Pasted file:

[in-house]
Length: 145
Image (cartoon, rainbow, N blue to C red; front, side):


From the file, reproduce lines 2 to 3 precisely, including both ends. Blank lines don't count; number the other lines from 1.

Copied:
Length: 145
Image (cartoon, rainbow, N blue to C red; front, side):